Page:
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Latest winter blast tests Granite Staters

By Jason Schreiber
Union Leader Correspondent

February 13. 2014 9:49PM

A February nor'easter is no match for dedicated flower delivery drivers, especially when it's Valentine's Day.

"There are plenty of four-wheel-drives out there," said Jessica Brown, owner of Ruthie's Flower Shop in Conway.

The latest winter blast brought gusty winds and periods of heavy snow to the state Thursday and today, causing spinouts and crashes on the roads and forcing schools to call snow days.

The nor'easter was expected to dump 8 to 12 inches of snow across much of New Hampshire, with a bit less in coastal areas, said Tom Hawley, a meteorologist with the National Weather Service in Gray, Maine.

The snow didn't stop customers from stopping by Dot's Flower Shop in Exeter to grab something special for their valentine.

"People still seem to be coming out and they're coming in," owner Leigh Smith said Thursday. Bob Regan of Brentwood left work early because of the snow and figured it was a good time to pick up a Valentine's Day card at the Hallmark store and a bouquet of flowers from Dot's.

"They're for the kids to give to Mom," he said as he placed them in the car and prepared to venture back out onto the snow-covered roads.

Smith said some flower deliveries planned for Valentine's Day were made Wednesday before the storm hit. And the recipients didn't mind.

"It's better to get them there (early) than to not get them there at all," she said.

On standby

While forecasters didn't expect the combination of wind and heavy wet snow to cause any significant power outages, utility companies were on guard just in case. Public Service of New Hampshire, the state's largest utility, said its line trucks were fueled, equipment and materials were ready, and workers were preparing to respond in the event of outages.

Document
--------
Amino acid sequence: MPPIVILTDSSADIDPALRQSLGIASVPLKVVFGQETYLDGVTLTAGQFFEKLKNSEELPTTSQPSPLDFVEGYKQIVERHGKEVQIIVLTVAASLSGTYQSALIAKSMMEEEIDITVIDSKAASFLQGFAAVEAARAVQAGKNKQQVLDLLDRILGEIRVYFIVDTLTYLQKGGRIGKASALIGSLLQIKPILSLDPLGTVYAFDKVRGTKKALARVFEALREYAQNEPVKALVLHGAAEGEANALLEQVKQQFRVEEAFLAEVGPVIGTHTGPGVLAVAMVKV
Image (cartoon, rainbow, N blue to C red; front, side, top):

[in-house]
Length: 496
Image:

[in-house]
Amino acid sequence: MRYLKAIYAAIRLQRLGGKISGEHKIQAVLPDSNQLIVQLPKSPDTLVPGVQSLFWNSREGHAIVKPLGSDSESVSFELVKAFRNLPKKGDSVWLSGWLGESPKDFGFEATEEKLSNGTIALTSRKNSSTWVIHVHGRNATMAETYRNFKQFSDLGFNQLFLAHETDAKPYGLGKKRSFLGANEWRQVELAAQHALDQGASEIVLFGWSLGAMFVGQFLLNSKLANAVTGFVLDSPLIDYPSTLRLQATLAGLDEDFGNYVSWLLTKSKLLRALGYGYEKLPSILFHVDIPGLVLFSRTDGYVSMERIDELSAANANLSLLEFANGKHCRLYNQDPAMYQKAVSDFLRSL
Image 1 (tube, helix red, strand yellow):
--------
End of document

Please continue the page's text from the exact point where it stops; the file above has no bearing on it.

Hampton-based Unitil Corp. said it secured additional third-party crews to help out at each of its regional operation centers.

New Hampshire Electric Cooperative's operating districts in 10 locations around the state were also stocked with emergency supplies; additional contracted line and trees crews were placed on standby.

Road woes

Meanwhile, the slick road conditions led to numerous accidents.

A tractor-trailer jack-knifed on Route 101 in Hampton while vehicle rollovers were reported on Interstate 93 in Concord, Canterbury and Gilmanton. In Newbury, a vehicle reportedly overturned and struck a utility pole, knocking down the pole and wires.

Some police and fire departments called in extra crews to handle the influx of calls.

Hampstead police Lt. John Frazier said his department brought in an additional officer.

"We called an extra officer in on top of our normal shift rotation just in case, but most people have been off the road. So far so good," he said late Thursday afternoon.

Most towns in the Lakes Region had all of their plows out by late Thursday afternoon, preparing for commuters.

Brian Sullivan, Franklin's director of municipal services, said the traffic was minimal in the area in the afternoon.

"It's coming down heavy, but there's not a lot of traffic, and we are thankful for that," he said.

Sullivan said the temperature was making for a heavier, somewhat icier snowfall.

"This snow has that funny texture; it's deceptive. It can be very slippery, but it's not that really slippery snow," Sullivan said.

Correspondent Dan Seufert contributed to this report.

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